Volume 11 (2013)
Volume 10 (2012)
Volume 9 (2011)
Most Downloaded Articles
- If I Could Hold a Seminar for Political Journalists… by Fiorina, Morris P.
- If Everyone Votes Their Party, Why Do Presidential Election Outcomes Vary So Much? by Shaw, Daron
- Independent Leaners as Policy Partisans: An Examination of Party Identification and Policy Views by Magleby, David B. and Nelson, Candice
- Delegation, Control, and the Study of Public Bureaucracy by Moe, Terry M.
- The Disappearing--but Still Important--Swing Voter by Mayer, William G.
The American People and President Bush
Citation Information: The Forum. Volume 1, Issue 1, Pages –, ISSN (Online) 1540-8884, DOI: 10.2202/1540-8884.1004, July 2002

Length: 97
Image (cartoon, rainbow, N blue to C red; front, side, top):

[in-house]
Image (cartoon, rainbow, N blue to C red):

- Published Online:
Professor Richard Brody explains the dynamics of public opinion about President George W. Bush during the so-called honeymoon phase and the period right before September 11. The Bush honeymoon period was short-lived relative to other presidents, with the presidents polls dropping once he submitted his budget to Congress in early March. But Bushs approval ratings soared remarkably in the days subsequent to the terrorist attacks, a pattern Brody attributes to the high level of bipartisan support among opinion makers in Congress and the news media. The erosion of Bushs approval ratings began about a month later, when opinion elites began to question the presidents policies, triggering changes in support among Democratic and Independent voters who rely on these elites for assessing the presidents job performance. If the war on terrorism continues to recede from public view, other issues will shape public opinion about the president. We should expect to see the presidents support become increasingly contingent on domestic issues, particularly the economy.